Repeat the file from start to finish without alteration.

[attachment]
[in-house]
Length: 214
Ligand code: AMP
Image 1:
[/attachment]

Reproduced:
[in-house]
Length: 214
Ligand code: AMP
Image 1: